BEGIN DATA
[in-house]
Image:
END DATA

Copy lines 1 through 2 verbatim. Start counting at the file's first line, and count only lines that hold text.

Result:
[in-house]
Image: